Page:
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Gibson have a great story about Guns N’ Roses’ debut album, Appetite for Destruction, where a young Slash was getting frustrated when trying to achieve the right “tone” with a range of contemporary electric guitars. “Then someone handed him a reissue-style Les Paul Standard, and that was all she wrote.”

With the Les Paul in hand, Slash laid down a host of riffs powered the biggest-selling debut album of all time and propelling songs like “Sweet Child O’ Mine”, “Welcome to the Jungle” and “Paradise City”, into the hearts and minds of musicians everywhere.

With the rock legend offering his valuable input, the Gibson Slash Appetite Les Paul model focuses on maintaining the impeccable styling of the original first sold in 1952 as well as tweaking the sound to fit Slash’s playing style.

Just like Slash’s original guitar he used for “Appetite for Destruction”, the Gibson Slash Appetite Les Paul mimics a lot of the most admired features of the original Les Paul Standards from the late 50’s and early 60’s, such as a slim neck profile and a body based on a 1959 Les Paul.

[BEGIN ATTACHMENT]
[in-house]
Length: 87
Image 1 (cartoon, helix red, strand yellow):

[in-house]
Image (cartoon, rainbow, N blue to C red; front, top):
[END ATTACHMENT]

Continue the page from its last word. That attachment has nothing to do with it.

Gibson have done a brilliant job in the authentic finish that gives the Slash Appetite Les Paul the look of a gently aged vintage guitar and features like a traditional Les Paul carved maple top and mahogany back and a one-piece mahogany neck give this axe tremendous character.

The Gibson Slash Appetite Les Paul model features Slash inspired hardware in two Seymour Duncan Alnico II Pro Slash signature humbucker pickups at both the neck and bridge positions, which offer players an incredible selection of sounds with a mini-toggle switch inserted between the iconic volume control knobs to help regulate acoustic and hybrid acoustic/electric tones.

From the second I plugged this thing into my Marshall Amp, the classic-rock sound I had been hoping for just exploded out of the speakers. The sound is exactly what you’d expect from a Les Paul/Marshall combo with chords giving a nice thick, chunky, deep tone, and lengthy, howling notes when soloing.

With features and characteristics that inspire Slash, Gibson Custom has created one of its most distinct and best sounding Les Paul models ever, and quite possible the perfect axe for any Slash fans.

 

 

Joey Kramer, one of the most famous drummers of all time, has been drumming with Aerosmith for over 40 years. His reward? His very own signature Ludwig Joey Kramer Model snare.

 

A limited production, the Joey Kramer snare is very similar to the Corey Miller signature model and Ludwig's other new snare, The Brick. With nylon washers under the tension rods, it features almost exactly the same conventional throw-off. The main difference between the models, to me anyway, is that each Joey Kramer drum is hand-signed by Joey himself on an internal paper slip.

 

The black nickel over 1.5mm gauge brass shell looks impressive with impeccably engraved Asian style dragons lacing the sides. The dragons are encased by 5mm die-cast hoops and 10 black nickel-plated brass tube lugs.